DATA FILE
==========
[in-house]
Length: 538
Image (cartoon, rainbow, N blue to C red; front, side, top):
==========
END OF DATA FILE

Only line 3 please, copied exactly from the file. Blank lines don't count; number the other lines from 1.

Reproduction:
Image (cartoon, rainbow, N blue to C red; front, side, top):